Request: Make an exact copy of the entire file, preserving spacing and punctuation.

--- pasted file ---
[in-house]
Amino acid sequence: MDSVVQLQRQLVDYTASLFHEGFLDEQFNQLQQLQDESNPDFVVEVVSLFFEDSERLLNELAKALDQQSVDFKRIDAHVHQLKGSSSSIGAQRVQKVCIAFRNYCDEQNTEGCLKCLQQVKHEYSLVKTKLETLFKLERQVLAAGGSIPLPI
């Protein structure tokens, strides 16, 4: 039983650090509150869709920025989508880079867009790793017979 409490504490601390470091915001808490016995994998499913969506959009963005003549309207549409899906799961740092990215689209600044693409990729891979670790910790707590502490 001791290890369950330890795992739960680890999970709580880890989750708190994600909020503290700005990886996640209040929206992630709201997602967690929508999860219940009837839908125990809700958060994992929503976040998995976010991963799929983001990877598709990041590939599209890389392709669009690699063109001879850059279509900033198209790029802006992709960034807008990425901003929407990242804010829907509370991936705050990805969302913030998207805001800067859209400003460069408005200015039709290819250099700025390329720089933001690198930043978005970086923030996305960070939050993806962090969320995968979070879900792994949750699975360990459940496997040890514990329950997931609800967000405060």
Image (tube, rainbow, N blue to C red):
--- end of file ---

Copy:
[in-house]
Amino acid sequence: MDSVVQLQRQLVDYTASLFHEGFLDEQFNQLQQLQDESNPDFVVEVVSLFFEDSERLLNELAKALDQQSVDFKRIDAHVHQLKGSSSSIGAQRVQKVCIAFRNYCDEQNTEGCLKCLQQVKHEYSLVKTKLETLFKLERQVLAAGGSIPLPI
């Protein structure tokens, strides 16, 4: 039983650090509150869709920025989508880079867009790793017979 409490504490601390470091915001808490016995994998499913969506959009963005003549309207549409899906799961740092990215689209600044693409990729891979670790910790707590502490 001791290890369950330890795992739960680890999970709580880890989750708190994600909020503290700005990886996640209040929206992630709201997602967690929508999860219940009837839908125990809700958060994992929503976040998995976010991963799929983001990877598709990041590939599209890389392709669009690699063109001879850059279509900033198209790029802006992709960034807008990425901003929407990242804010829907509370991936705050990805969302913030998207805001800067859209400003460069408005200015039709290819250099700025390329720089933001690198930043978005970086923030996305960070939050993806962090969320995968979070879900792994949750699975360990459940496997040890514990329950997931609800967000405060």
Image (tube, rainbow, N blue to C red):